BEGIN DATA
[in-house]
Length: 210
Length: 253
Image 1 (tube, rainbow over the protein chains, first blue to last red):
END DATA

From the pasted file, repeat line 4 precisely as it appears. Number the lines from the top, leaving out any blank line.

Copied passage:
Image 1 (tube, rainbow over the protein chains, first blue to last red):